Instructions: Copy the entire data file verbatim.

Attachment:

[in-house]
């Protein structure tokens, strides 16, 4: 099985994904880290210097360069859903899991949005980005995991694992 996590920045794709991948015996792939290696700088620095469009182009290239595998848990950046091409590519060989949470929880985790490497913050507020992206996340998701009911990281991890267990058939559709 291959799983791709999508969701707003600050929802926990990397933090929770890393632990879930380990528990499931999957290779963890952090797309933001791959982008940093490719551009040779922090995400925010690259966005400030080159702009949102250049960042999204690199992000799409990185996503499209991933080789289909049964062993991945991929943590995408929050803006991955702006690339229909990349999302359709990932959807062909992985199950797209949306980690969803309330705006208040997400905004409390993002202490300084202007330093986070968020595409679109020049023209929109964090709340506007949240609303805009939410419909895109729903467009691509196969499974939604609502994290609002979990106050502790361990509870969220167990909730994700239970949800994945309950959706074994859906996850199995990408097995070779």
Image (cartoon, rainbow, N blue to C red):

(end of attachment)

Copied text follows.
[in-house]
């Protein structure tokens, strides 16, 4: 099985994904880290210097360069859903899991949005980005995991694992 996590920045794709991948015996792939290696700088620095469009182009290239595998848990950046091409590519060989949470929880985790490497913050507020992206996340998701009911990281991890267990058939559709 291959799983791709999508969701707003600050929802926990990397933090929770890393632990879930380990528990499931999957290779963890952090797309933001791959982008940093490719551009040779922090995400925010690259966005400030080159702009949102250049960042999204690199992000799409990185996503499209991933080789289909049964062993991945991929943590995408929050803006991955702006690339229909990349999302359709990932959807062909992985199950797209949306980690969803309330705006208040997400905004409390993002202490300084202007330093986070968020595409679109020049023209929109964090709340506007949240609303805009939410419909895109729903467009691509196969499974939604609502994290609002979990106050502790361990509870969220167990909730994700239970949800994945309950959706074994859906996850199995990408097995070779």
Image (cartoon, rainbow, N blue to C red):